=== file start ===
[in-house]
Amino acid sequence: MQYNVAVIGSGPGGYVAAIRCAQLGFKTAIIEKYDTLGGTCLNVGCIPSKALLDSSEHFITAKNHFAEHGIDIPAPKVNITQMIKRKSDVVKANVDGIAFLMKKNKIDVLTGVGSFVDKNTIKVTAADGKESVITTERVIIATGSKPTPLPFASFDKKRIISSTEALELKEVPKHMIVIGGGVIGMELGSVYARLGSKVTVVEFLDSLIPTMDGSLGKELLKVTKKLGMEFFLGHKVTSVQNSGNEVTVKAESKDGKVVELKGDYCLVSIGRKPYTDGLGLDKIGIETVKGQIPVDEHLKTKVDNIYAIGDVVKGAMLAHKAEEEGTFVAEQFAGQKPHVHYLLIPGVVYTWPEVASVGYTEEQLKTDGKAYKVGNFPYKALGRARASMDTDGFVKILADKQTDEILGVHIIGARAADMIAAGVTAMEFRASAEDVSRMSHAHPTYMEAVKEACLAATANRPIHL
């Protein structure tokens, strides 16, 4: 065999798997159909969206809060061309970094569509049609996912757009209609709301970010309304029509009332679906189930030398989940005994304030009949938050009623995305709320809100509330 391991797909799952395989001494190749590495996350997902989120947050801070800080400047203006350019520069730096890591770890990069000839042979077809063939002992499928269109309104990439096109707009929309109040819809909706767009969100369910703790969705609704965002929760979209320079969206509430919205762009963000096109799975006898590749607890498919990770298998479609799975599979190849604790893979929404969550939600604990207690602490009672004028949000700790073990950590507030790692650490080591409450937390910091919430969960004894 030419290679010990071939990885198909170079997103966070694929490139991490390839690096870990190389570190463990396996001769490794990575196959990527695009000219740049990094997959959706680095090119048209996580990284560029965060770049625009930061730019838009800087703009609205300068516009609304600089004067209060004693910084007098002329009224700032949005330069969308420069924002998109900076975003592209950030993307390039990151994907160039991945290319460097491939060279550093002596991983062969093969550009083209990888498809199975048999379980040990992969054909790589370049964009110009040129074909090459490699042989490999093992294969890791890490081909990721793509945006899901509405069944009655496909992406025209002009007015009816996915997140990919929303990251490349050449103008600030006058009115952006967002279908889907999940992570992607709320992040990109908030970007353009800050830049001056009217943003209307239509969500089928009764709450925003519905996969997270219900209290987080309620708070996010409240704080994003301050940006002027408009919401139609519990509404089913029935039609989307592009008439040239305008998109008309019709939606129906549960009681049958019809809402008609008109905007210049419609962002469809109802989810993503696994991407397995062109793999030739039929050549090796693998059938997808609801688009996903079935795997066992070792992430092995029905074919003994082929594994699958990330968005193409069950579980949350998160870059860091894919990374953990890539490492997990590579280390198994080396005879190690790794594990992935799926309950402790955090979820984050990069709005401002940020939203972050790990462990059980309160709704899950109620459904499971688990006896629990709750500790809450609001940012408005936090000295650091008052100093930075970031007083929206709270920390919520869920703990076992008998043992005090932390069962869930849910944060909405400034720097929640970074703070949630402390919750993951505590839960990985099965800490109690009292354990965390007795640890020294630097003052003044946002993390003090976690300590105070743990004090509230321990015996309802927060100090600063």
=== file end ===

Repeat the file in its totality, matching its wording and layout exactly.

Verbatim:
[in-house]
Amino acid sequence: MQYNVAVIGSGPGGYVAAIRCAQLGFKTAIIEKYDTLGGTCLNVGCIPSKALLDSSEHFITAKNHFAEHGIDIPAPKVNITQMIKRKSDVVKANVDGIAFLMKKNKIDVLTGVGSFVDKNTIKVTAADGKESVITTERVIIATGSKPTPLPFASFDKKRIISSTEALELKEVPKHMIVIGGGVIGMELGSVYARLGSKVTVVEFLDSLIPTMDGSLGKELLKVTKKLGMEFFLGHKVTSVQNSGNEVTVKAESKDGKVVELKGDYCLVSIGRKPYTDGLGLDKIGIETVKGQIPVDEHLKTKVDNIYAIGDVVKGAMLAHKAEEEGTFVAEQFAGQKPHVHYLLIPGVVYTWPEVASVGYTEEQLKTDGKAYKVGNFPYKALGRARASMDTDGFVKILADKQTDEILGVHIIGARAADMIAAGVTAMEFRASAEDVSRMSHAHPTYMEAVKEACLAATANRPIHL
């Protein structure tokens, strides 16, 4: 065999798997159909969206809060061309970094569509049609996912757009209609709301970010309304029509009332679906189930030398989940005994304030009949938050009623995305709320809100509330 391991797909799952395989001494190749590495996350997902989120947050801070800080400047203006350019520069730096890591770890990069000839042979077809063939002992499928269109309104990439096109707009929309109040819809909706767009969100369910703790969705609704965002929760979209320079969206509430919205762009963000096109799975006898590749607890498919990770298998479609799975599979190849604790893979929404969550939600604990207690602490009672004028949000700790073990950590507030790692650490080591409450937390910091919430969960004894 030419290679010990071939990885198909170079997103966070694929490139991490390839690096870990190389570190463990396996001769490794990575196959990527695009000219740049990094997959959706680095090119048209996580990284560029965060770049625009930061730019838009800087703009609205300068516009609304600089004067209060004693910084007098002329009224700032949005330069969308420069924002998109900076975003592209950030993307390039990151994907160039991945290319460097491939060279550093002596991983062969093969550009083209990888498809199975048999379980040990992969054909790589370049964009110009040129074909090459490699042989490999093992294969890791890490081909990721793509945006899901509405069944009655496909992406025209002009007015009816996915997140990919929303990251490349050449103008600030006058009115952006967002279908889907999940992570992607709320992040990109908030970007353009800050830049001056009217943003209307239509969500089928009764709450925003519905996969997270219900209290987080309620708070996010409240704080994003301050940006002027408009919401139609519990509404089913029935039609989307592009008439040239305008998109008309019709939606129906549960009681049958019809809402008609008109905007210049419609962002469809109802989810993503696994991407397995062109793999030739039929050549090796693998059938997808609801688009996903079935795997066992070792992430092995029905074919003994082929594994699958990330968005193409069950579980949350998160870059860091894919990374953990890539490492997990590579280390198994080396005879190690790794594990992935799926309950402790955090979820984050990069709005401002940020939203972050790990462990059980309160709704899950109620459904499971688990006896629990709750500790809450609001940012408005936090000295650091008052100093930075970031007083929206709270920390919520869920703990076992008998043992005090932390069962869930849910944060909405400034720097929640970074703070949630402390919750993951505590839960990985099965800490109690009292354990965390007795640890020294630097003052003044946002993390003090976690300590105070743990004090509230321990015996309802927060100090600063």